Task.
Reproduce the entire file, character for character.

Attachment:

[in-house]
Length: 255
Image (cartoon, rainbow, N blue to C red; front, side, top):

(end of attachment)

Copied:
[in-house]
Length: 255
Image (cartoon, rainbow, N blue to C red; front, side, top):